McCain Eyes New Oil Drilling
By David Jackson
WASHINGTON — John McCain called Monday for lifting a federal moratorium on offshore drilling for oil and gas — a politically sensitive issue in such key states as Florida.
States should decide for themselves whether to permit drilling, McCain said, but they should be given the option to combat what he called an “energy crisis” that saw gas prices reach an average of $4.08 a gallon on Monday.
McCain’s plan represents a shift for the presumptive Republican nominee, who supported the offshore drilling ban during his 2000 presidential campaign. Tucker Bounds, a spokesman for the Arizona senator, said McCain understands that voters want action to meet new problems.
McCain previewed a speech he’ll give today in Houston. He told reporters at a campaign office outside of Washington that he continues to oppose drilling in some areas, including the Alaskan wilderness. “But I certainly think that there are areas off our coasts that should be open to exploration and exploitation,” he added.
The senator has also endorsed efforts by congressional Republicans to expand oil and gas drilling in the face of rapidly rising fuel prices. Florida’s Republican and Democratic lawmakers — led by Gov. Charlie Crist, a prominent McCain supporter — have pushed back on those efforts.
Democrat Barack Obama’s campaign and environmental groups said McCain’s proposal threatens U.S. coastlines and does little to reduce American dependence on foreign oil. Obama spokesman Hari Sevugan said McCain’s hope to “simply drill our way out of our energy crisis” mimics the approach of the Bush administration.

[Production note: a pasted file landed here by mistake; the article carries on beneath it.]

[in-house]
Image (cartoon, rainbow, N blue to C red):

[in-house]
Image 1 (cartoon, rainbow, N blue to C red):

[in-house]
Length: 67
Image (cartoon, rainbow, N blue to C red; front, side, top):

Tiernan Sittenfeld, legislative director with the League of Conservation Voters, said McCain should stress alternative fuel sources. “We need to be focused more on increased energy efficiency and on renewable energy sources like wind and solar power.”
McCain does support development of alternative energy sources, which he’ll outline in depth today and in upcoming energy speeches. “I’ll be talking about our dependency on foreign oil, how we can reduce and eventually eliminate it,” he said.
Congress imposed a moratorium on new offshore oil and gas drilling in 1981.
McCain’s pitch to lift the drilling restrictions could put him in conflict with Crist, whose endorsement days before Florida’s primary on Jan. 29 helped the Arizona senator pull off a key primary victory. The state, a perennial presidential battleground, has 27 electoral votes at stake in November. Crist did not return calls for comment.
Sen. Bill Nelson, D-Fla., denounced McCain’s idea. “Oil companies already have leases on some 91 million other acres of government land where they haven’t even started drilling yet,” Nelson said.
McCain said he still opposes drilling in certain “pristine” areas such as Alaska’s Arctic National Wildlife Refuge –a position that puts him at odds with President Bush, who has tried repeatedly to open the refuge to drilling.
Last week, a House panel defeated a Republican plan to lift the ban beyond 50 miles of coastline.
McCain did not say where offshore drilling should begin and end, saying such restrictions would be “a subject of negotiation and discussion.”
“I don’t want to dictate to the states what they should do,” McCain said. “But I think that the states can be provided with additional incentives” such as a larger share of oil royalties. (c) Copyright 2008 USA TODAY, a division of Gannett Co. Inc. <>>